Most watched tidal & wave energy videos of 2017
- Business & Finance
Check out the playlist of tidal and wave energy videos that the readers found most interesting in 2017.
The video shows the installation of Penguin wave energy device at the the European Marine Energy Centre (EMEC).
The Penguin wave energy converter from the Finnish wave energy developer Wello was installed at EMEC’s grid-connected wave test site at Billia Croo at the beginning of March by Orkney-based Green Marine UK.
The deployment consisted of a tree-stage operation, starting with lowering the mooring legs made of concrete blocks with heavy mooring chains to the seabed.
Spanish tidal energy developer Magallanes Renovables released the time-lapse footage showcasing the construction and launch of its 2MW floating tidal platform.
The platform, named Atir, was launched in April 2017 in Vigo, Galicia, north-west of Spain, as part of the Ocean 2G project, led by Magallanes Renovables.
The full-scale device weighs 350 tonnes, and is 42 meters long. Its two-side oriented turbine blades are 19 meters in diameter.
The time-lapse footage, released by Glasgow-based tidal energy developer Nautricity, shows the installation of its 500kW tidal energy turbine at the European Marine Energy Centre (EMEC).
The installation operation took place at EMEC’s Fall of Warness tidal test site, and was concluded on April 21, 2017.
Nautricity’s CoRMaT is a contra-rotating turbine which uses two closely spaced dissimilar rotors, moving in opposite directions, to drive the rotor and rotating stator sections of an electrical generator.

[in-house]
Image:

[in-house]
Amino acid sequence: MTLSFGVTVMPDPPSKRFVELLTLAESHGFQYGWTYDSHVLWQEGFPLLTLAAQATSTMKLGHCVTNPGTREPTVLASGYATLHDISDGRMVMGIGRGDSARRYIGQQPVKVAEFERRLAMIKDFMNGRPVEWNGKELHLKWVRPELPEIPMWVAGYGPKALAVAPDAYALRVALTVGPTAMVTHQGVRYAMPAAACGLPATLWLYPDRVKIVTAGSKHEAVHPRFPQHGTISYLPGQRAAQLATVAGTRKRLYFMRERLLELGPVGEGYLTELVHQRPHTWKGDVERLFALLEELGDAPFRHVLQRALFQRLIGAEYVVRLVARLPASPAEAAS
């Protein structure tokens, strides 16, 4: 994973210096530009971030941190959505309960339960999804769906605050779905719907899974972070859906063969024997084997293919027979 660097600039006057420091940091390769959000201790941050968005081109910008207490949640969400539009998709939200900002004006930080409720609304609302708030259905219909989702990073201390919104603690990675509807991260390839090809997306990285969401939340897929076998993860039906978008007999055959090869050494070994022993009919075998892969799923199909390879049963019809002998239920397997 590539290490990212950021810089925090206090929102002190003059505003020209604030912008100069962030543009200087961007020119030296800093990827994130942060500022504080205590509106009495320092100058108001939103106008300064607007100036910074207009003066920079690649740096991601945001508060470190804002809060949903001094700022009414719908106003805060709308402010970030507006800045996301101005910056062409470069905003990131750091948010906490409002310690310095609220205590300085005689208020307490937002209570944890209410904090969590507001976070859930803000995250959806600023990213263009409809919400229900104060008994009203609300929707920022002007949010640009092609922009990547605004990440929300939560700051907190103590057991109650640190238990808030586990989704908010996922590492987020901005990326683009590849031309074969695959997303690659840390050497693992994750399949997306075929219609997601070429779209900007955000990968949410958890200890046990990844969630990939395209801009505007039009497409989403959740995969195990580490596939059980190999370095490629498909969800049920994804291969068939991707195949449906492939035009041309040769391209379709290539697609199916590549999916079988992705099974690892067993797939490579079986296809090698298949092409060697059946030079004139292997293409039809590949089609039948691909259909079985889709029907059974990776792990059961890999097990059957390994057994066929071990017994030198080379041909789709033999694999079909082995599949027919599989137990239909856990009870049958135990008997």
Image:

Sustainable Marine Energy (SME) showed us the recently completed installation operation of its PLAT-I floating tidal energy platform in this video.
The platform was installed on November 25, 2017, at Connel Sound, near Oban in western Scotland.
PLAT-I is a multiple turbine floating tidal energy platform hosting Schottel Hydro’s turbine system rated at 280kW.
Featuring modular trimaran design, the platform is 32 meters long, with a beam of 27 meters. The power take-off system comprises four Schottel Instream Turbines (SIT) and an accessible power conversion system hosted in an on-board container.
The story of the Subsea Power Hub development has been shared with us by the team behind the device in a video released by East Coast Oil and Gas Engineering (EC-OG).
EC-OG’s Subsea Power Hub is a hybrid device based on ocean current energy conversion system with integrated energy storage.
The device, which underwent real sea testing at the European Marine Energy Centre (EMEC) this year, operates as the self-containted turbine harnesses the energy within ocean currents to convert, store and deliver autonomous electrical power.
Tidal Energy Today